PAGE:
The encryption and decryption methods you will want to use is openssl_​seal and openssl_​open, but they do require a little extra of you as a developer. You need to manage not just the encrypted bytes, but also some extra bytes that match the public key used to encrypt the data. This is because the sealing method allows you to encrypt the same data for multiple recipients.

There and back again

Below is an example of how to generate sealed data and an envelope and use them to recreate the original data:


$private_key = openssl_get_privatekey(file_get_contents('private.key'));
$public_key = openssl_get_publickey(file_get_contents('public.pem'));

$data = '{"data":"makes life worth living"}';

echo "data in:\n$data\n\n";

$encrypted = $e = NULL;
openssl_seal($data, $encrypted, $e, array($public_key));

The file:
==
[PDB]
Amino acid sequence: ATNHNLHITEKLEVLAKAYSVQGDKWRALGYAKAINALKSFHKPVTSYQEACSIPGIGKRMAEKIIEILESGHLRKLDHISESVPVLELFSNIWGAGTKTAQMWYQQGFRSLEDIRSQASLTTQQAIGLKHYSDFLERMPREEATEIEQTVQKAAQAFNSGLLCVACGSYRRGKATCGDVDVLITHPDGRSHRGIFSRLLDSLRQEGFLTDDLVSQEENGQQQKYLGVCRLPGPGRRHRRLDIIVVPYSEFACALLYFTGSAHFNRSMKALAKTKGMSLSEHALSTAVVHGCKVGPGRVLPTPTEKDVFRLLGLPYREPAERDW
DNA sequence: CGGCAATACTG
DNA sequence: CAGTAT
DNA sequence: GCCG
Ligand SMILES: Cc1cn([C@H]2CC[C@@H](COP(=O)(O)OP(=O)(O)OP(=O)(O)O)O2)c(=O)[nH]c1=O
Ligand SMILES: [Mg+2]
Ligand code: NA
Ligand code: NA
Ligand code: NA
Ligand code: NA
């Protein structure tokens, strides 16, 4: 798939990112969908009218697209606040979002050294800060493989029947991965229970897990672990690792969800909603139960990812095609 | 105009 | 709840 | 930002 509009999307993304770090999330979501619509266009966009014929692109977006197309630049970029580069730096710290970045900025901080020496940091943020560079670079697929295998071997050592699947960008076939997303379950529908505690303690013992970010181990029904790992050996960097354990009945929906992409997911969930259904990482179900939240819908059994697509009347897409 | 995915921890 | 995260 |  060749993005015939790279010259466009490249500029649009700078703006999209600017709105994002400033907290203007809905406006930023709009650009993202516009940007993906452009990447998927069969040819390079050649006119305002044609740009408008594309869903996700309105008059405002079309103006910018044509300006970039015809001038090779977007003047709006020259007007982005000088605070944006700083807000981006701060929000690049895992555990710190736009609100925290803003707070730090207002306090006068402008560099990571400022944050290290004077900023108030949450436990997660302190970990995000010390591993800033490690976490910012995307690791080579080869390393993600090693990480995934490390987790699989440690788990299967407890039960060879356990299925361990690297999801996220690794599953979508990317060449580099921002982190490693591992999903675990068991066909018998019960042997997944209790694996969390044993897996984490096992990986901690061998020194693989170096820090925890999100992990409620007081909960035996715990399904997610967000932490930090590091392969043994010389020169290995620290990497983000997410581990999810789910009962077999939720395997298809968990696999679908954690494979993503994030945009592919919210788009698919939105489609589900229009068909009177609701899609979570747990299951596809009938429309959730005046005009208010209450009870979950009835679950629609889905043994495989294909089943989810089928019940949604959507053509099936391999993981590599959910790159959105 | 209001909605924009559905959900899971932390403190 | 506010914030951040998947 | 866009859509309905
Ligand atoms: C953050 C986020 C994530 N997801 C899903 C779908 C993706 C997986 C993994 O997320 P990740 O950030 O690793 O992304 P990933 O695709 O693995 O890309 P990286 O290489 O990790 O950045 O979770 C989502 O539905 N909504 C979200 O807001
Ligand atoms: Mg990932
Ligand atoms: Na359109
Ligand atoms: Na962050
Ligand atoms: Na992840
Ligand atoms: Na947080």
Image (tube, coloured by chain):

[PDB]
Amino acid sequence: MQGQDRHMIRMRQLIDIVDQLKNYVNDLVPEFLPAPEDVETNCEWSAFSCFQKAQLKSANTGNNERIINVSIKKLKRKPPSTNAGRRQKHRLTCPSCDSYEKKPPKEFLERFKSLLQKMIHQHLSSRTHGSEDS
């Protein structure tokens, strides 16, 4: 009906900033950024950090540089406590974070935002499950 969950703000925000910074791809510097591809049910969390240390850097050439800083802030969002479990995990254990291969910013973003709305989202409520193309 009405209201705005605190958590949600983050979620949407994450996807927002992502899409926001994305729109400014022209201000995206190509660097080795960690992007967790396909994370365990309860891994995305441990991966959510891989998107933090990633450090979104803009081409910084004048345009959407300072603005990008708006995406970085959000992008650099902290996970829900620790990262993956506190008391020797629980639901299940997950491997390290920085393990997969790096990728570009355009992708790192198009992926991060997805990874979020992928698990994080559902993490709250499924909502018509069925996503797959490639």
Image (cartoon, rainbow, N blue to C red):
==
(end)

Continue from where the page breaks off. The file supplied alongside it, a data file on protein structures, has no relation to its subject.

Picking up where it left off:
$sealed_data = base64_encode($encrypted);
$envelope = base64_encode($e[0]);

echo "sealed data:\n$sealed_data\n\n";
echo "envelope:\n$envelope\n\n";

$input = base64_decode($sealed_data);
$einput = base64_decode($envelope);

$plaintext = NULL;
openssl_open($input, $plaintext, $einput, $private_key);

echo "data out:\n$plaintext\n";

Below is some example output, but note that the output will be different each time you generate sealed data and an envelope.

data in:
{"data":"makes life worth living"}

sealed data:


data out:
{"data":"makes life worth living"}

For examples in other languages check out the unsealed-secrets at github.

Enjoy your new knowledge and your data being safer.